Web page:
“A goal without a plan is just a wish.” – Antione de Saint-Exupery
The best way to make a dream come true is to create a plan. A good plan gives steps and guidance to the owner as well as reassurance to banks and financers. A solid plan shows that an owner has considered key aspects of starting or purchasing a dental practice. Many lenders will require a basic business plan. It is ideal to create the business plan at the start and modify it as needed.
What should be included:
Type of entity and name of entity – Discuss the best entity type to establish with legal and tax advisors as there are legal and tax advantages to different types of entities. Determine the name of the entity keeping in mind that a DBA (Doing Business As) name can be established later. Verify the chosen name is not being used or copywritten. Have an attorney or a CPA set up the entity with the state and order the federal tax identification number (Employer Identification Number) with the IRS. Entities are easy to establish in some states, so some dentists choose to do this themselves.
Ownership – This summarizes the ownership of the entity. Devote a paragraph to each owner. Discuss the percentage of ownership, education, and experience. Make sure to highlight special licensing, experience, and management experience.
Professionals hired – Give a brief paragraph of any professionals hired or engaged. These could include lawyer, CPA, consultants- new start, practice management, PPO negotiations, commercial real estate broker, equipment vendor, architect, GC, marketing company (logo, website, mailers, SEO). It is fine to list professionals or areas of expertise that will be hired as well.
Market Research – Complete a comprehensive on demand Dental Demographic Study for the areas of interest to determine viability. The study can be sent to the financial institution as a separate document. Many lenders will require a demographic study. Start a study now by clicking here! For the dental business plan, summarize areas of interest with key demographics from the study: dentist-to-population ratio, dental spending, dental visits, target population number, growth information, viability, and other data points for a specialist. A solid competition inventory of the areas is also very helpful.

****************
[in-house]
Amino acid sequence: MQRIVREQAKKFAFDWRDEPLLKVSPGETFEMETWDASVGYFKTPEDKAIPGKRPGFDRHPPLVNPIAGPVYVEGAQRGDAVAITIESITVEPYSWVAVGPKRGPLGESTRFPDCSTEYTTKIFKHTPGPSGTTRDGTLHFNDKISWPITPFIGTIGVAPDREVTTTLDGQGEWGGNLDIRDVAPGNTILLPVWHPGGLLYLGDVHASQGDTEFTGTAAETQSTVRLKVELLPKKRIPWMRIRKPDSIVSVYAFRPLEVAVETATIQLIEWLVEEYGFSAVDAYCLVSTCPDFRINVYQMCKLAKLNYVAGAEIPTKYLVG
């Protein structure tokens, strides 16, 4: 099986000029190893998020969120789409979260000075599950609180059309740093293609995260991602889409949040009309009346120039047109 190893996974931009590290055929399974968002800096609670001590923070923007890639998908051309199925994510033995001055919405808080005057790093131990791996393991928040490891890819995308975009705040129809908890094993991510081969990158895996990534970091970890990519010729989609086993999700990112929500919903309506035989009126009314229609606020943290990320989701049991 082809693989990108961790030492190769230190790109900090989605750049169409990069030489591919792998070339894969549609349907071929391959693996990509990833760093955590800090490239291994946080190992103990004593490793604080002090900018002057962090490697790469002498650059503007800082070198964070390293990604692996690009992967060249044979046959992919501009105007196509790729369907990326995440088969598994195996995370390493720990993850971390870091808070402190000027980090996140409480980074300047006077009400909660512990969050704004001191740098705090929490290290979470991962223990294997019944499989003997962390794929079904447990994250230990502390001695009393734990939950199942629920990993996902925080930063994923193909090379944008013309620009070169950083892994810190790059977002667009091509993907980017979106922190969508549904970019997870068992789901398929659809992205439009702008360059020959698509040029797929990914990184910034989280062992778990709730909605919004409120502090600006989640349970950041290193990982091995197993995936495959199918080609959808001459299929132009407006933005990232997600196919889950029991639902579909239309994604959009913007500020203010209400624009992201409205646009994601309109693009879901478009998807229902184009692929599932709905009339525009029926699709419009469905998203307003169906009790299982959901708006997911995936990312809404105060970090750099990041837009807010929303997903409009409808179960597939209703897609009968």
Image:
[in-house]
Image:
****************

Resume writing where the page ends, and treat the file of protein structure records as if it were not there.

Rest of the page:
Operations – Define job duties for each role at opening. This helps with the hiring process and ensures that the main duties are covered for the practice. Highlight any software that will be used to help maintain controls, ensure a quality patient experience with follow up included, and aid staff to streamline job duties. Determine days associating versus days at practice. Keep in mind that the bank will look for a dentist to be able to cover living expenses with the associate position income while producing enough at the new practice to cover the practice expenses. Determine days at new practice based on a saturation study of the competition as much as possible.
Cash flows– This is a separate document that will show cash flow for the first three years. This document will show the number of days the dentist is working at the practice and the production to determine if it is enough to cover expenses.
Marketing plan – Decide on a DBA that is appropriate for the area and work on the logo. Begin to set up the website with the content and images focusing on ease of use and design to initiate action. Once the practice is open, engage in an SEO campaign and pay-per-click ads. Look to do direct mail, window advertising, and banners in addition to as much signage as possible. Set up call tracking to determine the biggest return on investment.
Internally, train front desk to get appointments converted from incoming calls and ensure a great patient experience. Ask for referrals and online reviews which will positively affect the practice. Verify practice is listed on PPO websites. Plan to visit local businesses and employers to get the word out as well as the local chamber of commerce to create buzz.
Wrap – Much can be added to the above as needed. The best business plans should include the items above with enough explanation to convey the information as a solid guide but no more than three written pages plus cash flow projections and a demographic study. Keep it simple and easy for banks as well as easy to adjust as needed. Remember this is a plan and projections for the future. It may need to be altered throughout the project. To expedite a journey with a new start dental practice and even a purchase or relocation, take a few minutes to create a solid plan.